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Shepherd hosts NEH Summer Institute for Teachers in July

ISSUED: 30 June 2017
MEDIA CONTACT: Valerie Owens

SHEPHERDSTOWN, WV — Shepherd University is hosting a National Endowment for the Arts Summer Institute for Teachers in July, the only university in West Virginia hosting an NEH institute. Elementary, middle school, and high school teachers from across the country will attend the Voices from the Misty Mountains institute and explore Appalachian writers and mountain culture.

The public is invited to join the institute participants for the following free programs:

  • July 9, 6 p.m.–“The Power of Place,” Robert C. Byrd Center for Congressional History and Education
  • July 16, 7 p.m.–An Evening of Appalachian Storytelling with Adam Booth, Erma Ora Byrd Hall 
  • July 18, 6 p.m.–Staged Reading with Nikki Giovanni, “Chasing the Revolution: A Poet Revealed,” Marinoff Theater 
  • July 20, 1 p.m.–Lecture “Appalachians and the Civil War,” Dr. James Broomall, Robert C. Byrd Center for Congressional History and Education 
  • July 27 and 28, 1-5 p.m.–NEH Teacher Project Presentations, Robert C. Byrd Center for Congressional History and Education
  • The 25 teachers participating in the institute, whose academic disciplines include social studies, language arts, music, science, and theater arts, come from Tennessee, Maryland, California, Illinois, South Carolina, Ohio, Florida, New York, North Carolina, Utah, Texas, and West Virginia.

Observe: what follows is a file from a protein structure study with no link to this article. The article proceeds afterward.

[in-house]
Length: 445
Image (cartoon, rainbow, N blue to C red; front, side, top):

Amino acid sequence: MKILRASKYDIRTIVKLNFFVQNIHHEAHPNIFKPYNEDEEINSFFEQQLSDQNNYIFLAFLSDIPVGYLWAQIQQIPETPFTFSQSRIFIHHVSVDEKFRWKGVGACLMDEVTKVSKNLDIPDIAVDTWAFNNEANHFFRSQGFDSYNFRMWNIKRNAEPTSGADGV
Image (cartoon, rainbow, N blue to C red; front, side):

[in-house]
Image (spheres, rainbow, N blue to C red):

Instructors for the institute include poet Nikki Giovanni; storyteller Adam Booth; Ed Herendeen, founding director of the Contemporary American Theater Festival (CATF); novelist Silas House; Rachael Meads, director of Shepherd’s Performing Arts Series; Dr. James Broomall, director of Shepherd’s George Tyler Moore Center for the Study of the Civil War; Dr. Sylvia Bailey Shurbutt, 2006 West Virginia Professor of the Year and Shepherd Appalachian studies coordinator; and actors from the Contemporary American Theater Festival.

    Institute participants will select an NEH project to complete as they study contemporary literature, history, music, and culture of Appalachia. Their projects can be creative, scholarly, or pedagogical. At past sessions, teachers have created lessons and teaching units for their own classrooms, selected web, craft, or dramatic arts projects, or written essays and creative pieces for publication.

    Many of the teachers from the last two seminars at Shepherd have called the experience life changing, and a 2016 participant wrote, “The seminar was well-organized, and we were given many opportunities for growth. The participants were outstanding teachers from many regions of the country and therefore provided diversity of thought and experience. I feel so fortunate to have had this experience.”

    The National Endowment for the Humanities will feature Voices from the Misty Mountains in their fall publication, and the National Humanities Alliance also plans a summer feature on the July Summer Institute at Shepherd University.

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